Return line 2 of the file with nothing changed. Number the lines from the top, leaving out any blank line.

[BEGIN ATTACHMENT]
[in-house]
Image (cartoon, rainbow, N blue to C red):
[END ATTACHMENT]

Image (cartoon, rainbow, N blue to C red):